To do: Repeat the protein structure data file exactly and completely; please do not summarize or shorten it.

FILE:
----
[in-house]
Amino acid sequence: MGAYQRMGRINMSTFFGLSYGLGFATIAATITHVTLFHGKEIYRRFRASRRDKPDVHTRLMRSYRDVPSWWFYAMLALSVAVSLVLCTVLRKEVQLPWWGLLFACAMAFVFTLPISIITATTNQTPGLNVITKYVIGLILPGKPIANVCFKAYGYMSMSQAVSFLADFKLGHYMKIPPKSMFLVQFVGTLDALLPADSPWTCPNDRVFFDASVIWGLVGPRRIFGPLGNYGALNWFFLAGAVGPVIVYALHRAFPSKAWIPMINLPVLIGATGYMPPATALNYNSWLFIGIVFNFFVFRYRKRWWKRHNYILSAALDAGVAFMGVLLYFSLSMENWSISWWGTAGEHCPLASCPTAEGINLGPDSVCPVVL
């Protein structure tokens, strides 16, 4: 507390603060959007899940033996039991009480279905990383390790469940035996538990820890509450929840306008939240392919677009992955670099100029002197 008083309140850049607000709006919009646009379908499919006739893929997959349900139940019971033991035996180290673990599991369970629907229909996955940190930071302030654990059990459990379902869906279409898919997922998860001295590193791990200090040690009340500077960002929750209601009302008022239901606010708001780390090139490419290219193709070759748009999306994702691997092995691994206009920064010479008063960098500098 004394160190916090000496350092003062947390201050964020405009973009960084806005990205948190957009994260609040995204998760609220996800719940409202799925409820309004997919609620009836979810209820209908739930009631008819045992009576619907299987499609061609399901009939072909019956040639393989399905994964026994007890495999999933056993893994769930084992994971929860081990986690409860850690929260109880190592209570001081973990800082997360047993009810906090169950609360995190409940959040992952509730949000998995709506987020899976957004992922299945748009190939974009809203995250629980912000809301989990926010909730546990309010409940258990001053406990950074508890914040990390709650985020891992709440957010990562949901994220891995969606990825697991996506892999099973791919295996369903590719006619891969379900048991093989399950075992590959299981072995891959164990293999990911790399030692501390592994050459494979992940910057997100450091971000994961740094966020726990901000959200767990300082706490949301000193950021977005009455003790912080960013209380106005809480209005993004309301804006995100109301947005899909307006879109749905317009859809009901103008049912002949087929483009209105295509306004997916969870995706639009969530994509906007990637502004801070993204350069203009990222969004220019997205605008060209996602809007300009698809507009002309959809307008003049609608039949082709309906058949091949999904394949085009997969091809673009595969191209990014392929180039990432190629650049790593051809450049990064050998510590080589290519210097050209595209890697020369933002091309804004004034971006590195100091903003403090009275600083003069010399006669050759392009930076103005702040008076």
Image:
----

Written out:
[in-house]
Amino acid sequence: MGAYQRMGRINMSTFFGLSYGLGFATIAATITHVTLFHGKEIYRRFRASRRDKPDVHTRLMRSYRDVPSWWFYAMLALSVAVSLVLCTVLRKEVQLPWWGLLFACAMAFVFTLPISIITATTNQTPGLNVITKYVIGLILPGKPIANVCFKAYGYMSMSQAVSFLADFKLGHYMKIPPKSMFLVQFVGTLDALLPADSPWTCPNDRVFFDASVIWGLVGPRRIFGPLGNYGALNWFFLAGAVGPVIVYALHRAFPSKAWIPMINLPVLIGATGYMPPATALNYNSWLFIGIVFNFFVFRYRKRWWKRHNYILSAALDAGVAFMGVLLYFSLSMENWSISWWGTAGEHCPLASCPTAEGINLGPDSVCPVVL
């Protein structure tokens, strides 16, 4: 507390603060959007899940033996039991009480279905990383390790469940035996538990820890509450929840306008939240392919677009992955670099100029002197 008083309140850049607000709006919009646009379908499919006739893929997959349900139940019971033991035996180290673990599991369970629907229909996955940190930071302030654990059990459990379902869906279409898919997922998860001295590193791990200090040690009340500077960002929750209601009302008022239901606010708001780390090139490419290219193709070759748009999306994702691997092995691994206009920064010479008063960098500098 004394160190916090000496350092003062947390201050964020405009973009960084806005990205948190957009994260609040995204998760609220996800719940409202799925409820309004997919609620009836979810209820209908739930009631008819045992009576619907299987499609061609399901009939072909019956040639393989399905994964026994007890495999999933056993893994769930084992994971929860081990986690409860850690929260109880190592209570001081973990800082997360047993009810906090169950609360995190409940959040992952509730949000998995709506987020899976957004992922299945748009190939974009809203995250629980912000809301989990926010909730546990309010409940258990001053406990950074508890914040990390709650985020891992709440957010990562949901994220891995969606990825697991996506892999099973791919295996369903590719006619891969379900048991093989399950075992590959299981072995891959164990293999990911790399030692501390592994050459494979992940910057997100450091971000994961740094966020726990901000959200767990300082706490949301000193950021977005009455003790912080960013209380106005809480209005993004309301804006995100109301947005899909307006879109749905317009859809009901103008049912002949087929483009209105295509306004997916969870995706639009969530994509906007990637502004801070993204350069203009990222969004220019997205605008060209996602809007300009698809507009002309959809307008003049609608039949082709309906058949091949999904394949085009997969091809673009595969191209990014392929180039990432190629650049790593051809450049990064050998510590080589290519210097050209595209890697020369933002091309804004004034971006590195100091903003403090009275600083003069010399006669050759392009930076103005702040008076």
Image: